This exhibition explores the role of paper in the work of Eduardo Chillida (1924-2002) as a medium for his prints and drawings as well as an innovative material for his sculptures.
Chillida’s linear drawings of hands are also part of the exploration of the limits of space. This subject appears early on in his career and originates from his interest in observing the natural movement of human anatomy. The hands open and close revealing the complexities of the space around them. The sharp execution of these works on paper, focusing on the contours delineated by fingers and nails, situates Chillida as a virtuoso draftsman in the tradition inaugurated by European masters such as Raphael and Michelangelo.
One of Chillida’s most original contributions to contemporary art are his Gravitations, which are light constructions made out of paper and stitches that hang directly on the wall. Revealed for the first time at an exhibition at Galería Theo in Madrid in 1988, these works were made of felt or natural Japanese or Mexican paper. Areas of the paper were painted in black or were totally white exposing the natural tactile features of their material. The Gravitations allowed the artist to achieve a lack of gravity, always present even in his heaviest sculptural work. As the art historian Kosme de Barañano wrote on the occasion of Eduardo Chillida’s retrospective at Museo Reina Sofia and Guggenheim Bilbao, “(the Gravitations) are the sculptor’s chamber music, the piano solo after he has directed large orchestras,” in reference to his monumental work in foundries of iron and steel.
This exhibition also presents a wide array of his works as a printmaker, from his early etchings, lithographs and woodcuts to large-scale acquaints such as the series Euzkadi (1975-1976). Among Chillida’s late series of portfolios, the exhibition showcases Hommage à Johann Sebastian Bach (1997) and Aromas (2000), an artist book comprising woodcuts, etchings, and screenprints, together with texts by Chillida and his close circle of philosophers, poets and intellectuals who deeply influenced his work.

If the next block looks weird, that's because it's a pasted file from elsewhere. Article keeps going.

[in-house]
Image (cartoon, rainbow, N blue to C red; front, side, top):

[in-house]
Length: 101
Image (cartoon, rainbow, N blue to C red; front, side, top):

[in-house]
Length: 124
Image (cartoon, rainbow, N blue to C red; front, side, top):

As Joan Robledo-Palop, Founder and CEO of Zeit Contemporary Art, explains “Chillida’s drawings offer a unique glimpse into the artist’s thinking process. The nature of this medium requires an immediacy that reveals Chillida’s mastery, determination and lack of hesitation through his remarkable career. These prints, drawings, collages and paper relieves uncover a complex metaphysical universe in the artist’s mind that has few parallels in the 20th century.”
Eduardo Chillida | On Paper is not only the first posthumous exhibition in the United States to focus exclusively on Chillida’s work on paper but also the first one that uses a digital platform to showcase his art. As Robledo-Palop states: “This exhibition devoted to Eduardo Chillida continues our commitment to offer new interpretations of little-known episodes in the history of art and our belief that the online format of the project will bring the work of the artist to new audiences and collectors around the globe.”
Eduardo Chillida (Donostia/San Sebastián, Spain, 1924 – 2002) exhibited his early work in 1949 in the Salon de Mai at the Musée d’Art Moderne in Paris. Since then, his work has been the subject of more than 100 solo exhibitions in international museums, including major retrospectives at the Museum of Fine Arts, Houston (1966), the National Gallery in Washington, D.C. (1979), the Solomon R. Guggenheim Museum in New York (1980), Hayward Gallery in London (1990), Palacio de Miramar in San Sebastián (1992), the Museo Nacional Centro de Arte Reina Sofía in Madrid (1999) and the Guggenheim Museum in Bilbao, Spain (1999). He participated in numerous international exhibitions, including the Venice Biennale (1958, 1988 and 1990), where he received the International Grand Prize for Sculpture in 1958; the Pittsburgh International, where he received the Carnegie Prize for sculpture in 1964 and, in 1978, shared the Andrew W. Mellon Prize with Willem de Kooning; and Documenta II, IV and VI. A major part of his body of work is displayed in cities throughout the world and includes over forty-seven public sculptures, including De música, Dallas XV, 1989, and Peine del viento XV, 1977 in San Sebastián, Spain.
quepintamosenelmundo: art, contemporary art, art online, spanish art